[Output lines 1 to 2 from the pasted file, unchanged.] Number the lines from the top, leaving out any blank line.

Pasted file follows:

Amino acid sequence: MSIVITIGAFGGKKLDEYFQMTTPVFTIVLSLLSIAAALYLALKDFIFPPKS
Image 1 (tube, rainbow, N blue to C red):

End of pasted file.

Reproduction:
Amino acid sequence: MSIVITIGAFGGKKLDEYFQMTTPVFTIVLSLLSIAAALYLALKDFIFPPKS
Image 1 (tube, rainbow, N blue to C red):